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Add a conniving servant and his amoral master; a murderous priest and his equally homicidal sidekick; an odious mother-in-law; a beautiful but barren wife wed to an ancient attorney; and a potion brewed from the root of the Mandragora, a plant alleged to help women conceive, and you have a prescription for pandemonium, especially when Mandragora (known in less reputable circles as “God’s Little Joke”), possesses a fatal flaw: after a woman drinks the potion, her body becomes a temple of poison. The first man to have sex with her will be dead in seven days. What's a man to do?

Filled with bawdy and irreverent wit, outrageous situations, characters it would be unwise to invite for dinner, and lots of good old-fashioned belly laughs, this highly literate and sophisticated satire is a joy to read from start to satisfying—and most surprising!—finale.

Based on The Mandrake, notorious Niccolò Machiavelli’s Italian Renaissance comedy, Mandragora is the only novel ever created—even after five centuries—from his famous (some say infamous) play.

280 pages, Kindle Edition

First published February 14, 2013

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H.D. Greaves

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Displaying 1 - 2 of 2 reviews
Profile Image for Caleb Blake.
95 reviews21 followers
August 6, 2016
This review is cross-posted from Papyrus Independent Author Reviews (http://papyrus.calebblake.net/2014/01/07/mandragora-by-h-d-greaves/ ‎)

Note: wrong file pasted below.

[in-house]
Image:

What schemes are hatched when a young and wealthy dandy is tempted by his mischievous servant with the possibility of a lecherous conquest in Florence? A barren wife, flea-bitten partners in crime and the eventual culmination in a drink of the Mandragora brew; that cures as well as kills.

Mandragora is inspired by the Renaissance comedy, The Mandragora, penned by Niccolò Machiavelli and is apparently the only novel written based on that play.

The novel is set in the Renaissance, mainly in Florence, and involves the machinations of a servant, Siro, and his master, Callimaco Cagliostro. Together, they hatch a plan to bed the young, and apparently barren, wife of an aging Florentine lawyer, Nicia Calfucci.

I have not had much exposure to ribald fiction, and the lack was my main incentive to read Mandragora. Along with my equally missing experience with the play on which it is based, this possibly leaves me without some of the foundation required to critique it in depth. However, I shall try to couch it in terms with which I am familiar.

To me, the plot and the characters somewhat resembled Blackadder, the television series written by Richard Curtis and Ben Elton for the comedy genius of Rowan Atkinson. I loved the series and reading this novel was like reliving the antics anew. The plot to bed the young and beautiful Lucrezia under the very nose of her husband is bound to become convoluted. The debauched accomplices who join our Casanova hero in his lecherous scheme provide a filthy and humourous sideshow.

The doddering and impotent Calfucci, the imperious Sostrata and the innocent but canny Lucrezia provide the obstacle course through which our ill-matched gaggle of conspirators must navigate. And when the Mandragora poison/cure is introduced and Lucrezia acquiesces the twist is revealed and lust becomes love which becomes lust.